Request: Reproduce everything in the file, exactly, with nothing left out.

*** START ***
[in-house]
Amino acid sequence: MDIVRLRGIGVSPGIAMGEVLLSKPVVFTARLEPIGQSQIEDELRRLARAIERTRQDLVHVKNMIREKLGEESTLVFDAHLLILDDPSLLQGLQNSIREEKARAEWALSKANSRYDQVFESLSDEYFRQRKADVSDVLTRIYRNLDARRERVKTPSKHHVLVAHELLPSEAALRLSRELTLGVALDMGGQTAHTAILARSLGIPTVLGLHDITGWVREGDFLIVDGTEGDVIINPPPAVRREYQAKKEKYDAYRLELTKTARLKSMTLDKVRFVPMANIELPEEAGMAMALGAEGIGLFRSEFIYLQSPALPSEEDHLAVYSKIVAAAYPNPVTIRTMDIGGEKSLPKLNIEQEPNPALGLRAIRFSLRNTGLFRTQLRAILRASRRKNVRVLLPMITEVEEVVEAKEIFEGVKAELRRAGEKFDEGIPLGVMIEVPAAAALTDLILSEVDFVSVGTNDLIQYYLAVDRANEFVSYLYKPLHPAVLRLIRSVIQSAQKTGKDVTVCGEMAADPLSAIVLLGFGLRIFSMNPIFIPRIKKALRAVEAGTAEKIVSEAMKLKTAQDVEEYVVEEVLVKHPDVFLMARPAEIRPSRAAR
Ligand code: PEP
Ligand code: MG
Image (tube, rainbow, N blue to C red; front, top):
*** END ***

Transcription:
[in-house]
Amino acid sequence: MDIVRLRGIGVSPGIAMGEVLLSKPVVFTARLEPIGQSQIEDELRRLARAIERTRQDLVHVKNMIREKLGEESTLVFDAHLLILDDPSLLQGLQNSIREEKARAEWALSKANSRYDQVFESLSDEYFRQRKADVSDVLTRIYRNLDARRERVKTPSKHHVLVAHELLPSEAALRLSRELTLGVALDMGGQTAHTAILARSLGIPTVLGLHDITGWVREGDFLIVDGTEGDVIINPPPAVRREYQAKKEKYDAYRLELTKTARLKSMTLDKVRFVPMANIELPEEAGMAMALGAEGIGLFRSEFIYLQSPALPSEEDHLAVYSKIVAAAYPNPVTIRTMDIGGEKSLPKLNIEQEPNPALGLRAIRFSLRNTGLFRTQLRAILRASRRKNVRVLLPMITEVEEVVEAKEIFEGVKAELRRAGEKFDEGIPLGVMIEVPAAAALTDLILSEVDFVSVGTNDLIQYYLAVDRANEFVSYLYKPLHPAVLRLIRSVIQSAQKTGKDVTVCGEMAADPLSAIVLLGFGLRIFSMNPIFIPRIKKALRAVEAGTAEKIVSEAMKLKTAQDVEEYVVEEVLVKHPDVFLMARPAEIRPSRAAR
Ligand code: PEP
Ligand code: MG
Image (tube, rainbow, N blue to C red; front, top):